Wednesday, June 5, 2013

Crafty local bars push self-branded brewskis they didn't make

Local bars' self-branded beers aren't homemade.

Posted by on Wed, Jun 5, 2013 at 9:00 AM

Who made that beer? If its good, who cares?
  • Who made that beer? If it's good, who cares?

As regulars of many, many watering holes around town, we've found a funny trend: Bars without their own breweries offering their own brands of beer. It's not a bad gimmick for tavern owners, who buy some not-so-great beer from breweries, slap the establishments' names on the kegs and hang up signs in restrooms touting the impostor suds.

In anticipation of a summer spent regulating our body temperature with cold drinks in dark bars, we sampled five bar-branded brews.

Duke's IPA
Duke's On Grand | 1501 Grand, 816-527-0122
Source: Cathedral Square Brewery (St. Louis)

"Enjoy our locally brewed house beer," a sign in the men's room at Duke's nudges pee-ers. Except the house beer isn't locally brewed. On a recent visit, a waitress at the bar formerly known as Willie's told us that the rich red IPA with minimal head comes from Cathedral Square Brewery in St. Louis, where one of the bar's owners lives. Duke's IPA is intensely hoppy and bitter, with a slight metallic aftertaste. IPA fans should be pleased, but if you're unsure, try it on a Thursday when all drafts are $2 all day. Otherwise, it's $5 a glass.

Troost Light
Mike's Tavern | 5424 Troost, 816-437-9400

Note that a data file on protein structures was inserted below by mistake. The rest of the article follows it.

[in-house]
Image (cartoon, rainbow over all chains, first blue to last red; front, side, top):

Source: Flying Monkey Brewery

Mike's experiment in self-labeling is a cheap light ale called Troost Light. The reformed dive bar keeps it on tap and under the gaze of Roscoe, the bar's mounted-moose-head mascot. "People come in all the time and say, 'No, it's a pilsner,' " says Val, a Monday-night waitress and bartender. "But it's a light ale." Call it whatever you want. (The erstwhile News Room bar named it News Room Ale.) Just don't call it refreshing. It's a little bitter and sweet, with a thin consistency. A musty aftertaste hangs in your nose after sipping the brassy gold beer. Pitchers cost $4 on Mondays.

Blue Line Beer
The Blue Line | 529 Walnut, 816-472-7825
Source: Flying Monkey Brewery

A pilsner brewed for this River Market establishment by Flying Monkey, Blue Line Beer pairs well with the solid tavern fare served here. (The menu is full of hockey-themed jokes: Burgers are pucks; chicken strips are "goal tenders.") It's a good fit for anybody fond of yard beer but looking for a new flavor. It won't replace lowbrow beer drinkers' Miller Lites or PBR tallboys. But at $3.50, it's a nice diversion.

Beach Beer
Volleyball Beach | 13105 Holmes, 816-942-2820
Source: Unknown

The bartender at this faux beach getaway in Martin City won't reveal the origins of its so - called Beach Beer. "I can't tell you," she says on jam-packed Tuesday night. "It's a mystery beer. It's a good light beer." It's certainly light on color and your wallet - a 22-ounce, straw-yellow draw goes for $3.50. It's easy to see, even with an unknown source, why this is the Gatorade of the Volleyball Beach's bump-set-spike crew. It goes down smooth, but the taste is bland and almost nonexistent. We'd bet it's Natty Light or Milwaukee's Best.

Blarney Brew
Fitz's Blarney Stone | 3801 Broadway,
816-753-4949
Source: Flying Monkey Beer

Even dive-bar lovers get worried looks on their faces when you mention Fitz's. When we were there, an electric wheelchair sat inexplicably unattended in the middle of the bar. Blarney Brew goes for $1.75 a pint. The pilsner by Flying Monkey is fairly smooth and a bit sweet and fruity. After one pint, we wondered if a few Starbursts were dissolved in each keg. It's drinkable and cheap, fitting for a hard-drinking place like Fitz's. Barkeep, another round.

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